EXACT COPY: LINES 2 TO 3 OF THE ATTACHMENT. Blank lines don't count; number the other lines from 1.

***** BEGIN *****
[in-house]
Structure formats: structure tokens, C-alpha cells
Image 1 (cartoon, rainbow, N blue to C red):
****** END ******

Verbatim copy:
Structure formats: structure tokens, C-alpha cells
Image 1 (cartoon, rainbow, N blue to C red):